Room-temperature High-performance Gas Sensors Based on Grafting of Functional Groups on MXene

Project: Research

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Air pollution from emissions of hazardous gases has been one of the most crucial problems that human beings are facing. NO2 and volatile organic compounds such as benzene, toluene, ethanol, and formaldehyde are major pollutants. They often participate in photochemical reaction, yielding toxic products, which is currently a main challenge to public health and environmental preservation. Therefore, to effectively monitor air pollution, advanced sensors that can analyze environmental gases are indispensable in modern society, especially in heavily urbanized areas such as Hong Kong and many parts of China.A variety of gas sensor types have been reported in the last decade including cantilever, thermoelectric, acoustic, bioluminescent, chemiresistive, polymer-based and chemical field effect transistor gas sensors. Amongst the various types, chemiresistive gas sensors, whose resistance changes upon exposure to targeting gases, have attracted great attention due to their high sensitivity, short response time, and ease of fabrication. Oxide semiconductors have been widely employed as the sensing materials in chemiresistive sensors. However, as is well-known, oxide gas sensors typically need high working temperatures to achieve high sensitivity, which requires extra circuits for heating. The heating process not only leads to additional high power consumption and system complexity, but also results in aggregation and coarsening of grains in the sensing material, which adversely causes long-term signal drift.In this project, we propose an investigation based on the engineering of functional groups through plasma treatment of MXene, for enhanced hazardous gas sensing performance. The target gases are primarily NO2 and VOCs, released mainly from the burning of fossil fuel such as vehicle emission and industrial processes. We propose to design, fabricate, and experimentally characterize various MXenes with a layered structure for maximal gas sensing surface area. We will graft various suitable functional groups on the surface of MXene for enhancement in gas sensing. Then, we will assemble sensors based on various architectures and process parameters. Experimental verification and performance assessment will be performed both in the lab and practical environments with common gas pollutants. We will gain suitable field-test locations via partnering with industry and registered architects. Quantitative analysis and modelling of the gas sensing mechanism will be formulated into a design methodology, forming the basis for subsequent developments.The proposed functional group engineering approach stands out as an innovative and highly advantageous method for tuning MXene sensing properties. Firstly, surface functional groups on MXene, e.g. -O, and -OH, provide sites for selective absorption of the target gas, as well as expanding the MXene nanosheet interlayer space, thus leading to tunable sensing properties. Secondly, the use of plasma treatment for the grafting of function groups open doors to a gentle route that does not degrade the material, which preserves the inherent merits of MXene, e.g., its layered structure and high conductivity. Thirdly, the use of plasma is highly controllable, i.e. the working atmosphere (O2, H2, N2, and Ar), pressure, power, and irradiation duration are all parameters that can be readily tuned.The successful completion of the project will lead to an effective approach to developing gas sensor based on MXene and other layered materials that are highly selective towards specific target gases, sensitivity, fast, and recovers well. Most importantly, the ability to operate at room temperature will eliminate the power consumption and system complexity associated with heating. The high performance achievable will give rise to advanced products and new applications in environmental protection and healthcare.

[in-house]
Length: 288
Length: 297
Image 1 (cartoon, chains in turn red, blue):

Project number9043348
Grant typeGRF
Effective start/end date1/01/23 → …